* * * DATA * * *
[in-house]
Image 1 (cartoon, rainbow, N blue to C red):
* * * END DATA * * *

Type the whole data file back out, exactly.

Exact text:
[in-house]
Image 1 (cartoon, rainbow, N blue to C red):